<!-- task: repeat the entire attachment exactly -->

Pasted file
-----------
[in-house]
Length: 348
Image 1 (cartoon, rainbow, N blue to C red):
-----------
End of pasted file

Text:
[in-house]
Length: 348
Image 1 (cartoon, rainbow, N blue to C red):